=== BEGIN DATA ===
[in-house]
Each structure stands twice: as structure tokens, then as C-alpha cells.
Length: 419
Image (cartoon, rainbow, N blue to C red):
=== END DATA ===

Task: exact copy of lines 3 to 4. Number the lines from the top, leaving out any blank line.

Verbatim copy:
Length: 419
Image (cartoon, rainbow, N blue to C red):